On highways leading into the southern Brazilian state of Paraná, drivers slept under their trucks or found shade to play cards while awaiting permission to cross the state border and dump their loads at Brazil's port of Paranaguá.

Their trucks were laden with soybeans from other Brazilian states, and even from Argentina and Paraguay. Chicago prices climbed above $7.50/bu. while they waited, and temperatures climbed as well.

Up to a third of all soybeans exported from Brazil usually go through Paranaguá port. But this year may be an exception: The state's governor, Roberto Requião, has closed his state to biotech crops.

The truck drivers were waiting for results of tests for the presence of genetically modified organisms (GMOs). The state was presumably paying an estimated cost of $500 per test, but officials say now they will pass that on to the truck drivers.

Governor Requião has said he thinks Europe and China will buy more of his state's soybeans if he declares the state GMO-free. There is just one problem with this in the eyes of other governors whose states produce soybeans marketed through the Paranaguá port: Biotech soybeans are legal in Brazil this year.

A presidential decree, recently signed, allows for the planting and commercialization of biotech beans in Brazil, with a few conditions attached. Among them: Farmers can only plant biotech seeds they already have on hand. That is, a federal decree made biotech soybeans legal across the country.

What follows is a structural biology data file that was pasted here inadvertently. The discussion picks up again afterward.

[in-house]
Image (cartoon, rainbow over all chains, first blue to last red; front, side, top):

Some constitutional attorneys argue in the press that no state can pass a law superceding federal law, and that Paraná's actions do just that. Paraná officials counter that they are only complementing federal law, which merely allows biotech production and commercialization but doesn't demand it.

Neighboring soybean-producing states haven't taken kindly to Governor Requião's law against biotech. Big soybean producer Mato Grosso do Sul, which has no port of its own, has even taken the state of Paraná to court.

But Governor Requião says, as a result of his actions, Paraná soybeans are accepted the world over, and customers pay more for them. Nothing has been said about how much that premium is, and whether any of it reaches Paraná producers. A representative of one farm group in the state estimated 14% of Paraná's own soybean production is biotech.

Which leaves truck drivers parked at the border.

“Truck drivers have had to deal with a real problem because they were uninformed (about the new Paraná law),” says Eroni Bertoglio, an agronomist in Paraná. “The governor believes he can't allow Brazilian agriculture to be beholden to one-to-five multinationals, based on ‘genetic dependence.’ He isn't against biotechnology, no. To the contrary, he is in favor of anything that is meant to improve things. But he is against being made hostages of biotechnology.”